Sunday, March 30, 2008

Going Natural

What does that phrase mean, anyway?

I believe there was a time when 'going natural' meant not dyeing ones hair. Generally referring to women of a certain age (for me, it was 25), going natural meant embracing the process and consequences of aging, and allowing the world to witness the emergence of grey.
The subject-verb agreement does seem a bit twisted, though, because we are all born natural. What does going imply? The fact that we were once not natural?
It's true, I spent a few years experimenting with boxed dyes.
And then I decided to "go natural."
Now, in the rising green economy, 'going natural' implies organic, chemical-free goodness. In food or in cleaners, lubricants or toilet paper, natural is the oasis, the green pasture in which we will be reborn, erasing all our chemical sins of the past.
But, as I learned this week, it doesn't always work that way. Forgiveness may be swift but chemical exposure--harmful as it is--cannot always be dropped cold turkey.
I recently visited Pure Joy, a natural hair salon in Ottawa. No, not because I'm stil fighting the grey (though the stick-em-up strands, the ones that are so dry they're kinky? They meet the tweezers).
No, my visit to Pure Joy was pure research, for a short piece on the salon. We were a bit concerned that the place was selling itself as greener than it really was. Why are there still chemical products on the shelf?
Because, the stylist explained, hair gets hooked on it.
The natural stuff is, well, weaker.
What, it doesn't burn my eyes? Will it really work??
Apparently the results are better, softer, even 'more youthful.'
So this is a way to 'go natural'-- but without the grey.

Hmmm...I'm still a bit confused on the subject-verb agreement, but to be honest, I don't completely understand the expression subject-verb agreement.

Wednesday, March 26, 2008

On the Other Side

Now that I've returned to Canada, things seem different. Not only that—-I seem different.
I feel like I'm clinging to past identity markers: I listen to the CBC more and am embarrassed to be seen beside an American flag.
This time around, I was able to view more family dynamics and Easter traditions, and glimpse, form a more intimate perspective, the Most Powerful Country in the World.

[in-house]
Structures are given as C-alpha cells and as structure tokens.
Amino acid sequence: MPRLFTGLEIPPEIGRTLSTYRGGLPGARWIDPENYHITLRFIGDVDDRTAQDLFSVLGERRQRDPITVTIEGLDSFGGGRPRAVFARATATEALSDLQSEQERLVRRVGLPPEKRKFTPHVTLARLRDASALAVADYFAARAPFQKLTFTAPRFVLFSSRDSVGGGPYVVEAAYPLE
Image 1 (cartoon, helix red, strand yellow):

So...what did I learn?
First of all, at Easter, you've got to paint a lot of Easter eggs. These are hard-boiled eggs painted with crayon and dipped in dye. You can draw little bunnies or, in the case of my Jesus-lovin' boyfriend, scrawl 'Jesus Rules' on the little guys.
Then you put them in a basket and/ or make deviled eggs. (We did both; not sure if the devil got Jesus.)
There's also way more cities in the U.S. As family trickled in for Easter dinner, and I was introduced to all, I had a hard time tracing the routes home. In Canada, especially in Ottawa, it seems people basically herald from along the 401 corridor. My roommates are from London and...Namibia. Okay, so there are plenty exceptions.
But in the U.S., people will drive for six hours to the next state, where there's a whole new line-up of capitals and metro areas. And this goes on, state by state, across the country.
Which is why, by the time the train hit Canada, I heaved a little sigh of relief. No more cities. Yes, there'd be Montreal suburbs and big box stores, but those are generally around something, ie, one of the biggest cities in Canada. If you take southern Ontario out of the equation--and I know you don't like that, Toronto, but the fact is you're small potatoes in relation to the rest of North America--Canada is a huge area with, relatively, little development. And I love that!!
I'm sure Texans would think the whole of Saskatchewan a National Park (Regina being a visitor's centre of sorts, stocked with Mountie trinkets).
Suddenly, I'm more territorial about the Canadian border...

Saturday, March 22, 2008

Pass the Port

Yes, I'm back in the U.S. of A.,
You don't know how lucky you are, boy ...